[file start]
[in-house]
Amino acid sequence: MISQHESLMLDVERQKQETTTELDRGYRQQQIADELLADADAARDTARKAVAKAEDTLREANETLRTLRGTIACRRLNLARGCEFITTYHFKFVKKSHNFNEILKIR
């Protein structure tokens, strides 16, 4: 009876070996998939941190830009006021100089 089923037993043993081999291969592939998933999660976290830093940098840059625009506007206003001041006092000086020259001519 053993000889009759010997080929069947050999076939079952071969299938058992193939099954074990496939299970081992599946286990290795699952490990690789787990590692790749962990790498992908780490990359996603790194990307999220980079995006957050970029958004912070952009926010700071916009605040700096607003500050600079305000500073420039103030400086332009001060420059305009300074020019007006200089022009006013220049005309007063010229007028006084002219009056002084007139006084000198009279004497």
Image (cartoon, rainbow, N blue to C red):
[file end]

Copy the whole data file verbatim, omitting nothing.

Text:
[in-house]
Amino acid sequence: MISQHESLMLDVERQKQETTTELDRGYRQQQIADELLADADAARDTARKAVAKAEDTLREANETLRTLRGTIACRRLNLARGCEFITTYHFKFVKKSHNFNEILKIR
């Protein structure tokens, strides 16, 4: 009876070996998939941190830009006021100089 089923037993043993081999291969592939998933999660976290830093940098840059625009506007206003001041006092000086020259001519 053993000889009759010997080929069947050999076939079952071969299938058992193939099954074990496939299970081992599946286990290795699952490990690789787990590692790749962990790498992908780490990359996603790194990307999220980079995006957050970029958004912070952009926010700071916009605040700096607003500050600079305000500073420039103030400086332009001060420059305009300074020019007006200089022009006013220049005309007063010229007028006084002219009056002084007139006084000198009279004497």
Image (cartoon, rainbow, N blue to C red):